Police officer involved in hit-and-run speaks out, suspect plead - WOWK 13 Charleston, Huntington WV News, Weather, Sports

Police officer involved in hit-and-run speaks out, suspect pleads guilty

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Sgt. Aaron Nichols is speaking out for the first time since he was involved in a hit-and-run. Sgt. Aaron Nichols is speaking out for the first time since he was involved in a hit-and-run.
CHARLESTON, WV -

Aaron Nichols has worked as a police officer for 15 years. But of all the titles he's ever held, he says "Daddy," is the most important.

"It came close in December of not only me never seeing my daughter again but her never seeing me again," said Sgt. Nichols, with the West Virginia State Police.

Nichols was the victim in a hit-and-run last New Year's Eve. While at the St. Albans Mall, Nichols witnessed Jennifer Garretson shoplifting from Goody's.

Nichols, who was off-duty at the time, ran after Garretson as she fled to her vehicle in the parking lot. He claims he identified himself as a State Police officer. When he tried walking behind the car, Garretson reportedly threw the vehicle in reverse.

"Could you end up in a fight? Yeah, you could end up in a fight and anything like that. But I never, for one second, expected her to hit me with her car," said Nichols, in one of his first interviews since the incident.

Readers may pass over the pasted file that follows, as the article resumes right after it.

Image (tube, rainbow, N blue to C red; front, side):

Nichols said he grabbed onto the car, only to be thrown off seconds later. Garretson drove away that night, but she surrendered to authorities two days later in Institute, WV. She pleaded guilty to malicious wounding Monday.

According to WVSP spokesman First Sgt. Michael Baylous, law enforcement is a 24/7 job. He said officers are obligated to intervene whenever they witness a crime. That's why Nichols said he regrets nothing.

"We learn early on, we see a crime, we react," Nichols said.

The officer, who spent almost a month at Charleston Area Medical Center, suffered from severe head trauma. He lost his ability to taste and smell; he also wears a hearing aid after major hearing loss.

As he watched Garretson enter the guilty plea Kanawha County Court, Nichols said he definitely experienced his closure.

"I gain nothing by having resentment," Nichols said. "I've looked forward to some closure one way or the other, whether it's by trial or a plea agreement."

Nichols is currently serving light duty at the South Charleston detachment, but he hopes to don his uniform again in the nearby future. Nichols' parents, who live in Clay County, also helped him at home during his recovery.

"I have gotten to spend a lot of time with my wife and daughter and family," he said.

Garretson's sentencing is scheduled for Dec. 9. She could face between 2 and 10 years in prison.